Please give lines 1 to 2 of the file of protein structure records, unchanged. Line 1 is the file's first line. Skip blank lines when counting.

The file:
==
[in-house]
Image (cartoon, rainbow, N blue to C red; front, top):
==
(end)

[in-house]
Image (cartoon, rainbow, N blue to C red; front, top):